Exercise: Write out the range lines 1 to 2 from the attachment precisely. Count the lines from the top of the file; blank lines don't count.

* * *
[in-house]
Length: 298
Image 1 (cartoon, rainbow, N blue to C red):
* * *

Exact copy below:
[in-house]
Length: 298